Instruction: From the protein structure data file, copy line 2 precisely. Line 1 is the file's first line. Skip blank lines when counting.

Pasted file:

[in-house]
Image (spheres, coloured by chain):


Image (spheres, coloured by chain):